Planning a Research Trip

You should always plan out your genealogy research trips, even if it’s just a quick stop in at the local library in town. Long-distance road trips aren’t the only outings that deserve some time, attention and planning. Working efficiently means you are more likely to be successful in your search, no matter what you’re looking for.genealogy research

Pack what you need – Sure a quick trip may not need any supplies, but that’s why you’re planning ahead to make sure. For longer trips, you will want to have a supply of paper and pens, or whatever electronic device you use for taking notes. Add some post-it notes, paper clips, file folders and labels as well. If you are more technically minded, bring along your pocket scanner and digital camera too. Do not forget change for the photocopier or microfilm machine.

Plan your goal – Know precisely what you’re looking for and stick to it. It is so easy to get distracted in a library or archive that you can quickly lose track of time because you are off hunting for unexpected treasures. Take notes of other things you find for later research, but stay on task with your current goal for now. Think about what your destination is likely to offer you and decide what your aims are before you leave the house.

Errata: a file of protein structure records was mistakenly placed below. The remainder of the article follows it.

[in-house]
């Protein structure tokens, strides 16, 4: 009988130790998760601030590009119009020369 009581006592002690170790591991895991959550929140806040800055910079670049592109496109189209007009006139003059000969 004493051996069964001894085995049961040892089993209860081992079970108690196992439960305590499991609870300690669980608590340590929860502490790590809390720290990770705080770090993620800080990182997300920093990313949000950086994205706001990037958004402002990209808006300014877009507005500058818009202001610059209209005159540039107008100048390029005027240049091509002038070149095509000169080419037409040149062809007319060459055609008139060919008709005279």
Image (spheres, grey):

Check on Access – Double check that the materials you need are in fact there. Books and documents can be loaned out, archives can be relocated. This also means checking on the operating hours for the facility. Libraries, court houses, newspaper offices, church administrations and archive buildings do not always have typical operating hours. Some larger libraries may have a separate room for genealogical materials, and that can have different hours than the rest of the building. Before you leave, also see what kind of access there is for microfilm readers (and see if they are currently functioning).

One other aspect of checking on access is to check on what is permitted in the records room you will be using. Some place disallow cameras, water bottles, knapsacks or even laptop computers. Don’t put yourself in an awkward spot with some items that you aren’t supposed to have.

Record your sources – This is something you want to do while on your trip, rather than what you do beforehand. Do not get caught up in all your new discoveries that you lose track of where everything is coming from. Take all kinds of notes on books, documents, files, photos and where everything is sourced. Even the most obvious details. Five years in the future, you may need to find more information from a certain source and will have no clue where you found it in the first place.